The portolan chart is of the same tradition as the isolario, and many of the portolan atlases made by the Oliva family and other chart makers of the period include an isolario at the end. This fine example has only charts. Portolan charts were used by mariners well into the seventeenth century, but there was also a demand for richly decorated versions among the enlightened wealthy. One can assume that the present atlas was meant for this market. Joan Oliva was the most prolific member of a large family of Catalan chart makers, one branch of which had settled in Messina (Sicily) some time before 1550. Charts signed by at least sixteen members of the Oliva family are recorded, with dates between 1538 and 1673.

Gift of George Arthur Plimpton, 1936

97.  Peter I, Czar of Russia (1672-1725).  Patent. Moscow, May 3, 1722. RBML, Bakhmeteff Archive, Georgii Mitrofanovich Kiselevskii Papers

Peter I was a grandson of Russian Czar Mikhail Romanov (1596-1645), a founder of the Romanov dynasty, and was proclaimed a tsar at the age of ten. He introduced a series of important reforms, which placed Russia among the major European powers. Peter's main goal was to regain access to the Baltic Sea and in 1700 he started the Northern War with Sweden. The war lasted for 21 years, after which Russia was declared an Empire. This Patent raises Yurii Gein to the Rank of Colonel. It also signed by Alexander Menshikov (1673-1729), Peter the Great's close friend.

Purchase, 1966-1967

98.  A plan of the boundary lines between the Province of Maryland and the three lower counties on the Delaware with part of the parallel of latitude which is the boundary between the provinces of Maryland and Pennsylvania. Philadelphia: Robert Kennedy, 1768. 2 sheets, (54.5 x 76 cm., 54.5 x 77 cm.) RBML, Historical Map Collection

The surveyors Charles Mason and Jeremiah Dixon established the boundary line in 1767, which was to bear their names, resolving a dispute of nearly ninety years between the Penns and the Baltimores. The boundary, 244 miles in length, is printed on two sheets, the eastern line on a single copperplate, the western line, because of its length, divided into three parts, one engraved under the other. This copy belonged to Benjamin Chew (1722-1810), a member of the Boundary Commission established in 1750 by the English High Court.

Gift of the Chew Family through the Courtesy of John T. Chew, 1983

99.  John Jay (1745-1829).  Federalist Number 5. Autograph manuscript, 4 p., 1788. RBML, John Jay Papers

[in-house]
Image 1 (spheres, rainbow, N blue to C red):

Along with Alexander Hamilton and James Madison, John Jay formed the triumvirate of authors who wrote and anonymously published The Federalist, an eloquent series of essays in defense of the Constitution of 1787. Jay wrote five of the essays, and this is his manuscript draft for Number 5, which varies from the printed version. It is a concise, tightly argued exposition warning that rejection of the federal form of government would reinforce and worsen the already apparent sectional strife among the thirteen states; therefore, only through the establishment of a united American state could the young nation hope to succeed in its domestic and foreign affairs.

Purchased on the Frederic Bancroft Fund and Various Donors

100.  George Washington (1732-1799).  Proposals for the additional army. Autograph manuscript, 4 p., 1798 or 1799. RBML, Hamilton Family Papers

This working draft of George Washington's proposals for the new American army was probably given by the President to Alexander Hamilton for his comments, since it remained in the Hamilton family until coming to Columbia. Written on both sides of two integral folio leaves, it has sections headed "Half-pay, & Pensionary establishmt." and "Compleating the Regiments and altering the establishmt. of them."

Gift of Marie Hamilton McDavid Barrett, 1988

101.  France. Ministère de la Marine.  Comptabilité particulière du Citoyen David, pour l'Expedition d'Angleterre. Manuscript on paper, 21 folios. Dunkirk, 1799. RBML, Montgomery MS 252

Robert Hiester Montgomery (1872-1953) assembled an outstanding collection of books and manuscripts that document the history of accounting and business procedures from the 14th to the 20th century. These include instruction books, daybooks, waste books, journals, bank books, ledgers, receipt books, storage books, invoice books, registers, ships' logs, letterbooks, tax roll books, articles of agreement, bills of sale, deeds, wills, and other business items, making it is the largest collection of rare accounting works in the United States. This document, created for the French Ministry of the Navy by "Citoyen David," gives detailed estimates of the amount of money required for Napoleon's projected invasion of England from Dunkirk.